A bifacial tool knapping industry existed at the site where axes and adzes characteristic of the Neolithic and Chalcolithic periods were produced. The tools were knapped from larnite (Ca2SiO4)—a dense metamorphic rock that is c. 20% heavier than flint, with a chemical composition that resembles Portland cement. The Hatrutim Formation is the only geological formation in the Levant where larnite appears. A light gray patina covers the rock and obscures it texture and its black color.

Despite the proximity of natural flint sources suitable for knapping bifacials, there is evidence of widespread utilization of larnite in the Hatrutim Quarry. There is extensive evidence of mining at the site, including extracted larnite nodules and the negatives of larnite nodules that were extracted for the purpose of knapping.
A large concentration of chipping debris and numerous tools discarded at different stages of the knapping process are prominent on the mountainside (2,900 sq m; Fig. 2). Shallow concentrations of waste production were also found along the top of the ridge (Fig. 3). The excavation focused on the region in the middle of the debitage dump (4 sq m; Fig. 4). Its purpose was to study the distribution of the waste types and to assess the thickness of the debitage dump. It was ascertained that the debitage stratum in the excavated region is c. 80 cm deep. At the bottom of the probe was a rock shelf made of large larnite nodules (Fig. 5). Hundreds of scattered debitage items—a byproduct of knapping the axes and adzes—were found (Fig. 6). Apart from tools discarded during the knapping process and collected from the surface, three tools, not completely fashioned, were recovered from the excavation itself. One of the tools is apparently a large adze that was found broken in two parts (Fig. 7).
The chipping debris and tools in the excavation weigh c. 209 kg. Identical chiseling was found on two flakes; it is probably a result of the quarrying activity and removal of the cortex of the nodules prior to knapping (Fig. 8). An examination of the bifacial tools that were taken for further documentation in the laboratory shows that most of them have a flat-convex cross-section, indicating they were meant to be turned into adzes—the most common tools in the late Pottery Neolithic and Chalcolithic periods.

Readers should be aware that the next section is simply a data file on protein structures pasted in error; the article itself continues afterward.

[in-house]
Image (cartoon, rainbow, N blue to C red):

Another site, where a similar scale trial excavation (Licenses Nos. G-71/2010, G-20/2011) was conducted, had previously been discovered deep in the Hatrurim Valley, inside the Southern Judean Desert Nature Reserve. Finds identical to those documented in the Hatrurim Quarry were discovered at that site, including extensive evidence of quarrying raw material, as well as large amounts of chipping debris that consisted of axes and adzes in various stages of production (http://antiquity.ac.uk/projgall/vardi332/).
Knapping sites of bifacial tools are known from a variety of places throughout the world; in many, the knapping region is close to the source of raw material. A production site of the basalt bi-facial tools was discovered several years ago at Giv‘at Kipod in the area of the Carmel (Rosenberg, Shimelmitz and Nativ 2008). Until recently no quarrying and knapping sites of bifacial tools were known in the south of Israel, and certainly not of larnite. The scope of the finds at the Hatrurtim site, including hundreds of unfinished tools that were found on the surface, shows that the site was active for an extended period; however, in the absence of any indicative finds or organic material that can be radiometrically dated, a more precise dating of the range of activity at the site will only be possible if larnite tools will be discovered in lithic assemblages at other sites.